Abe Woodhull was probably an ideal spy because he was a convicted smuggler.  Tallmadge may have reasoned that if the British suspected Woodhull of smuggling, it was unlikely that they would also suspect him of espionage.  Woodhull was in prison when Tallmadge made him the offer: his freedom in exchange for working for Tallmadge.  Once Woodhull agreed to the arrangement, Washington arranged his release from prison with Governor Jonathan Trumbull.  To protect Woodhull’s identity, Tallmadge gave him an alias: Samuel Culper, Sr.

Tallmadge and Scott had differing views about the best way to run an espionage ring.  Scott preferred single-mission agents — men he could send out on a mission, afterward returning to Scott with a full report, and whom he could then assign to subsequent missions.  Captain Tallmadge had a different idea: he wanted stabilized agents to collect information and pass it along (via courier) to Scott’s headquarters.  Both methods were effective, and both ways were hazardous.

After Scott lost sixty percent of his “single mission” agents, whom the British captured and executed, General Washington reasoned that since Tallmadge had not lost a single agent, his method of collecting and transmitting secret information was “best.”  When General Scott resigned his post, Washington replaced him with Tallmadge.

Woodhull/Culper proved his ability in October 1778 by providing Washington with valuable information about British activities in Philadelphia.  To assist him, Woodhull recruited his brother-in-law, Amos Underhill.  Underhill and his wife Mary (Woodhull’s sister) ran a boarding house and pub catering to British soldiers.  British soldiers do two things very well: they drink a lot, and they talk a lot.  Underhill’s initial problem was that Washington thought his initial reports were too vague.  It wasn’t enough to listen to what the British soldiers had to say; Washington expected Underhill to validate what they said, as well.

The process of conveying information to Brewster was dangerous, complex, and time-consuming.  When Brewster had information for Tallmadge, it was hand-carried from Staten Island to Setauket and then from Setauket to Tallmadge’s headquarters at Fairfield, Connecticut — a distance of 188 miles, 30 of it across Long Island Sound.  To accomplish this feat, Woodhull recruited two couriers: Jonas Hawkins and Austin Roe.  Their task was to carry messages between Woodhull and Brewster.  It was up to Brewster to deliver messages to Tallmadge.  Crossing the Long Island Sound in a small boat was no easy task.  Brewster had six “drop” sites.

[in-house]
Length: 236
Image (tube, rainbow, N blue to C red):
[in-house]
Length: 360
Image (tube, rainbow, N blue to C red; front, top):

Mary Underhill (who some claim was actually Anna Strong) assisted her husband by posting pre-arranged signals to indicate which spies had information to submit.  For example, if Mary hung a black petticoat on her wash line, Brewster had arrived in town.  If she hung up some quantity of handkerchiefs on her clothesline, it told the courier which of Brewster’s six drops the information was to go.  Is this true?  We aren’t sure, but it does indicate how intricate the spy network was (and had to be).

The British were many things, but stupid wasn’t one of them.  The British knew about Washington’s spying campaign.  They suspected Abraham Woodhull, Amos, and Mary Underhill, and they were keen to capture General Scott.  The British knew; the Americans knew that the British knew, and this made American spycraft all the more difficult because the British didn’t need indisputable proof of high treason.  Reasonable suspicion would be enough to send a spy to the gallows.

Everyone in Setauket with a role in Washington’s spy network became nervous when the British arrested John Wolsey, a known smuggler, and a master of self-preservation.  Sure enough, John Wolsey made a deal with the British.  In exchange for his liberty, he agreed to tell what he knew about Abraham Woodhull.  As it turned out, however, all Wolsey knew about Woodhull was something he’d overheard a lobsterback say … which was that Woodhull was suspected of being involved in a spying ring.

John Graves Simcoe

Wisely, Abe Woodhull was a cautious man who realized that he was operating on borrowed time.  With men like Wolsey running his gob, Woodhull was prudent to worry about his safety.  British Colonel John Graves Simcoe led his Queen’s Rangers to Setauket to look for Woodhull, who at the time was in New York.[5]  In the process of looking for Woodhull, Simcoe arrested his father, Judge Richard Woodhull, and had him tortured, inflicting him with grievous injuries to obtain information about his son.  A loyalist militia officer, Benjamin Floyd, who was married to a member of the Woodhull family, vouched for Abraham, which gave Simcoe pause in his investigation.  Subsequently, Woodhull conveyed to Tallmadge that he was not able to continue operating as a Continental spy.

In a letter to Tallmadge in late June, General Washington suggested considering Mr. George Higday as a possible replacement for Woodhull.  Unhappily for Higday, the British intercepted Washington’s letter, which prompted Colonel Banastre Tarleton’s raid into Tallmadge’s camp.[6]  Tarleton captured several documents, all confirming what the British already knew: Washington had spies.   Mr. Higday’s espionage career was over before it began.